- There are more beds in emergency shelter and transitional housing. If any provider changes their bed capacity during the year between Point-in-Time Counts, it can impact the final census count. A decrease in the Point-in-Time Count number could mean that there were less beds available and an increase can mean there were more beds available, assuming that the utilization of the beds remains constant. In addition, if the temperature falls below a specific threshold, emergency shelters will utilize overflow beds and cots, which can increase the number of people staying in emergency shelter and decrease the number of people spending the night outside in unsheltered locations. We must consider the Point-in-Time Count in relationship to other performance measures, including the number of people who request housing assistance through Coordinated Entry each month to better understand trends. The new State of Housing & Homelessness Report will include data from Coordinated Entry.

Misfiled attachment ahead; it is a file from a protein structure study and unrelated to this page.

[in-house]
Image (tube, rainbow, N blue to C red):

- The community has improved its count methodology. Each year, the work to plan and implement the Point-in-Time Count improves and these changes can impact the final census count. Recent changes include a targeted effort to count youth, new and expanded volunteer shifts, using an electronic survey application and increased volunteer coverage across the county. An increase in homeless youth, for example, could be due to the planning work with youth providers to better engage homeless youth through special count events during the day after the Point-in-Time Count. A decrease could be the result of increased training to ensure that the HUD definition of literal homelessness is consistently applied when counting individuals on the night of the Point-in-Time Count. It is important to consider this number alongside the count methodology and in relationship to other populations that fall outside of the Point-in-Time Count. The new State of Housing & Homelessness Report will describe methodological changes as well as discuss the “uncounted” and “undercounted” populations that fall outside of the HUD definition of literal homelessness.